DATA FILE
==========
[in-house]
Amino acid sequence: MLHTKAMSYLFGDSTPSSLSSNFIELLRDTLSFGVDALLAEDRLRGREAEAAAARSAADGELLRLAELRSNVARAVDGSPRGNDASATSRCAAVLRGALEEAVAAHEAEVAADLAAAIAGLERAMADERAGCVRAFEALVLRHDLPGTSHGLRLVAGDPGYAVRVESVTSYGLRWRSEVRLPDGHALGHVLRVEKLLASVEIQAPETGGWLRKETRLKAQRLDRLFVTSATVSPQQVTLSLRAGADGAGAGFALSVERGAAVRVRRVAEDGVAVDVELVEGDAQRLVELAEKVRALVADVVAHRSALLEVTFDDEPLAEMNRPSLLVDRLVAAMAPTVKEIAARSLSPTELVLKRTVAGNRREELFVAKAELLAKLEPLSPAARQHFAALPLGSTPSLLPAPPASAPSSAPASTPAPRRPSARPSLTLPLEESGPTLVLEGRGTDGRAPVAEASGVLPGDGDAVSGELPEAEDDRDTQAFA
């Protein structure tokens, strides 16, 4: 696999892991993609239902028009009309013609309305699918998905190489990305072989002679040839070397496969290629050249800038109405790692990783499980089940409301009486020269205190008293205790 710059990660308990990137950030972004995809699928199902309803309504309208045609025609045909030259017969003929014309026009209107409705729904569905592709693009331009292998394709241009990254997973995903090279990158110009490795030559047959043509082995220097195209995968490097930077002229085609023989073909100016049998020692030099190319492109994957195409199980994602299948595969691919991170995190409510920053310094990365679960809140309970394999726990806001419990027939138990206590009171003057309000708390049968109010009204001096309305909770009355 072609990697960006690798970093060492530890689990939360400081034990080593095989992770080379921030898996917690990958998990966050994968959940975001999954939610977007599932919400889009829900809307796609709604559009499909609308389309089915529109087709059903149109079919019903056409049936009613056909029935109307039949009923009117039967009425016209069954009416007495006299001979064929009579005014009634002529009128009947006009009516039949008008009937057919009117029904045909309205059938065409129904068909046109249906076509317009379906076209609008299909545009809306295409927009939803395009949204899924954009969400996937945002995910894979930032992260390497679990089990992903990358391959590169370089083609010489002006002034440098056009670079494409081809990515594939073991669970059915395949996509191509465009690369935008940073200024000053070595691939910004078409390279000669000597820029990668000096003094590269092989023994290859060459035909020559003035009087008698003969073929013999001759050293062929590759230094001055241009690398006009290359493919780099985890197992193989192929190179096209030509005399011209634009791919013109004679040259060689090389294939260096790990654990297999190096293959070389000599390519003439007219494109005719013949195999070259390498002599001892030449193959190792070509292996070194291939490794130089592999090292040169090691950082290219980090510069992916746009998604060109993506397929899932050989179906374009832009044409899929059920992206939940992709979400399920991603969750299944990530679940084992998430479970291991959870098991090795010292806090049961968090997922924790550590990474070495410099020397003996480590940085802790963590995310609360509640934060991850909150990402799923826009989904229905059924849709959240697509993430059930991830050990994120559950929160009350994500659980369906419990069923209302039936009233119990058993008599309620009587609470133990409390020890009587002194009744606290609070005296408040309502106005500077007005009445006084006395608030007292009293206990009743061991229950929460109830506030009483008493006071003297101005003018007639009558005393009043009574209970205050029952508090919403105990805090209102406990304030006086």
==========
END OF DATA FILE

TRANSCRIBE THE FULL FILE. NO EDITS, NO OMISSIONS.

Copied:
[in-house]
Amino acid sequence: MLHTKAMSYLFGDSTPSSLSSNFIELLRDTLSFGVDALLAEDRLRGREAEAAAARSAADGELLRLAELRSNVARAVDGSPRGNDASATSRCAAVLRGALEEAVAAHEAEVAADLAAAIAGLERAMADERAGCVRAFEALVLRHDLPGTSHGLRLVAGDPGYAVRVESVTSYGLRWRSEVRLPDGHALGHVLRVEKLLASVEIQAPETGGWLRKETRLKAQRLDRLFVTSATVSPQQVTLSLRAGADGAGAGFALSVERGAAVRVRRVAEDGVAVDVELVEGDAQRLVELAEKVRALVADVVAHRSALLEVTFDDEPLAEMNRPSLLVDRLVAAMAPTVKEIAARSLSPTELVLKRTVAGNRREELFVAKAELLAKLEPLSPAARQHFAALPLGSTPSLLPAPPASAPSSAPASTPAPRRPSARPSLTLPLEESGPTLVLEGRGTDGRAPVAEASGVLPGDGDAVSGELPEAEDDRDTQAFA
């Protein structure tokens, strides 16, 4: 696999892991993609239902028009009309013609309305699918998905190489990305072989002679040839070397496969290629050249800038109405790692990783499980089940409301009486020269205190008293205790 710059990660308990990137950030972004995809699928199902309803309504309208045609025609045909030259017969003929014309026009209107409705729904569905592709693009331009292998394709241009990254997973995903090279990158110009490795030559047959043509082995220097195209995968490097930077002229085609023989073909100016049998020692030099190319492109994957195409199980994602299948595969691919991170995190409510920053310094990365679960809140309970394999726990806001419990027939138990206590009171003057309000708390049968109010009204001096309305909770009355 072609990697960006690798970093060492530890689990939360400081034990080593095989992770080379921030898996917690990958998990966050994968959940975001999954939610977007599932919400889009829900809307796609709604559009499909609308389309089915529109087709059903149109079919019903056409049936009613056909029935109307039949009923009117039967009425016209069954009416007495006299001979064929009579005014009634002529009128009947006009009516039949008008009937057919009117029904045909309205059938065409129904068909046109249906076509317009379906076209609008299909545009809306295409927009939803395009949204899924954009969400996937945002995910894979930032992260390497679990089990992903990358391959590169370089083609010489002006002034440098056009670079494409081809990515594939073991669970059915395949996509191509465009690369935008940073200024000053070595691939910004078409390279000669000597820029990668000096003094590269092989023994290859060459035909020559003035009087008698003969073929013999001759050293062929590759230094001055241009690398006009290359493919780099985890197992193989192929190179096209030509005399011209634009791919013109004679040259060689090389294939260096790990654990297999190096293959070389000599390519003439007219494109005719013949195999070259390498002599001892030449193959190792070509292996070194291939490794130089592999090292040169090691950082290219980090510069992916746009998604060109993506397929899932050989179906374009832009044409899929059920992206939940992709979400399920991603969750299944990530679940084992998430479970291991959870098991090795010292806090049961968090997922924790550590990474070495410099020397003996480590940085802790963590995310609360509640934060991850909150990402799923826009989904229905059924849709959240697509993430059930991830050990994120559950929160009350994500659980369906419990069923209302039936009233119990058993008599309620009587609470133990409390020890009587002194009744606290609070005296408040309502106005500077007005009445006084006395608030007292009293206990009743061991229950929460109830506030009483008493006071003297101005003018007639009558005393009043009574209970205050029952508090919403105990805090209102406990304030006086």